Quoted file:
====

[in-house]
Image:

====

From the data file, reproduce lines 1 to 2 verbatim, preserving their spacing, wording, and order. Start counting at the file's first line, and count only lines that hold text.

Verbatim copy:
[in-house]
Image: